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Q&A with the guy behind the 2018 brewery of the year (it's in B.C.!)

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Dageraad’s Ben Coli with his gold medal-winning Burnabarian table saison. (via Cornelia Naylor/Burnaby Now)

Burnaby’s Dageraad Brewing may have marked its fourth anniversary last month, but the big celebration came after it was named Brewery of the Year at the Canadian Brewing Awards in Halifax. For owner/brewer Ben Coli, the award was a welcome recognition of Dageraad’s uncompromising approach after four years of ups and downs (but mainly ups).

The Growler caught up with Coli to speak with him about the importance of the award and what it will mean for the brewery moving forward.

The Growler: First of all, congratulations! Are you home from Halifax yet?

Ben Coli: I never went, I stayed at home. [Brewery manager Mitchell Warner] went instead.

Growler: Oh wow, so how’d you find out about the win? How’d that happen?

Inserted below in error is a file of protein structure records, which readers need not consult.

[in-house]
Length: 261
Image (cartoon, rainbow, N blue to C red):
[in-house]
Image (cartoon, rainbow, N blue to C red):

Coli: I was at home with my kids. My parents were visiting so I was watching it on the live stream. My kids were getting fussy and pestering me—they’re 20 months old, so like a year and a half. So my two kids are grabbing at me trying to pull me away and I was riveted to this award show. But yeah, it was incredible. I had my family around me, except for my wife, who was out of town, but my brother and my parents were with me and they were more excited than I was, I think.

Growler: Did you do anything to celebrate?

Coli: Yeah, not really. You know, I’m a dad. Actually, I went over to [Brassneck brewer] Conrad Gmoser’s birthday party after—it was his 50th birthday that day—so I went over and there were a few other brewers there. They all teased me before they congratulated me. Iain Hill [of Strange Fellows Brewing] locked eyes with me and said, “I hope you know this doesn’t mean you’re the best brewer in Canada, right?” It’s a friendly rivalry. But, yeah, it was mostly teasing.